Tuesday, April 17, 2007

What is a deadly weapon?

Meanwhile, Rep. Jerry Madden is laying out his HB 1148 in the House Criminal Jurisprudence Committee this morning. The bill would limit the definition of a "deadly weapon," which right now can be virtually anything, inhalers, socks, sewage, pumpkins and frogs. The revised statute would disallow what the Criminal Defense Lawyer's Association called "creative" uses of the statute by prosecutors.

As the debate played out, the prosecutors are primarily concerned about charging drunks with a "3g" offense for intoxication manslaugher. The "deadly weapon" the DAs are most worried about is a car that's not used with "intent" to cause death or bodily injury. They want to bump those offenses up to the same level as using a deadly weapon in an intentional murder. I don't think that's how most people imagine the deadly weapon statute should be used.

Rep. Madden said he thought the language would still let prosecutors charge intoxication manslaugher with an enhanced penalty because it applies if defendants "used OR intended to use" the weapon. This language would simply reverse efforts by DAs to stretch the language, he said.

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Abilene Reporter News

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URL: http://www.reporter-news.com/abil/nw_state/article/0,1874,ABIL_7974_5489184,00.html
Brownwood DA reviewing surveillance tapes in TYC abuse case
By Associated Press
April 17, 2007

Posted 2:29 p.m. HOUSTON — Surveillance tapes that allegedly show a former youth prison guard entering a supply closet with a teenage inmate weren't shown to grand jurors who declined to indict him on abuse charges, but authorities are reviewing the tapes to determine if they can make a stronger case.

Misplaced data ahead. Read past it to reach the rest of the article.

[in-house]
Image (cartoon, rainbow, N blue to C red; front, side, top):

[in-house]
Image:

The tapes were discovered at Texas Youth Commission headquarters in Austin on Friday, nine days after a grand jury decided not to indict the former guard accused of abusing three teenage girls at the Ron Jackson facility in Brownwood.

"The tapes will enable us to review the case to see if they makes for a more compelling presentation," Brown County District Attorney Michael Murray said. "Then we can evaluate and decide whether to present it again to the grand jury or leave it as it is."

Murray said he had been aware of the existence of the tapes, but TYC officials did not turn them over to investigators.

The tapes turned up after Richard Steptoe, an investigator with the Texas Department of Criminal Justice Inspector General's office, asked TYC officials to show him the collected evidence. He had the three or four tapes within minutes. The inspector's office has been called to assist the investigation of sexual and physical abuse cases at TYC.

Steptoe's boss, John Moriarty, said his office was still trying to determine why the tapes had not been turned over earlier. The tapes may have been left behind in the offices of TYC officials who resigned or had been terminated, Moriarty said.

In 2005, the TYC said it confirmed the guard had sexually abused at least three girls at the Brownwood facility. The official report stated that the footage supported details given by each of the three girls.

The girls told investigators the guard used the supply closet to have sex with them. The tapes allegedly show the seven-year-veteran, over a number of days in 2004, entering and exiting the supply closet with at least one of the girls.

"Several times that day (the alleged victim) went into the closet followed by (the guard) a few minutes later," the report stated.

The guard was allowed to resign. The case was forwarded to the local district attorney after the more publicized sex abuse scandal at the West Texas TYC facility broke in February.


Information from: Houston Chronicle, http://www.chron.com

Information from: San Antonio Express-News, http://www.express-news.com

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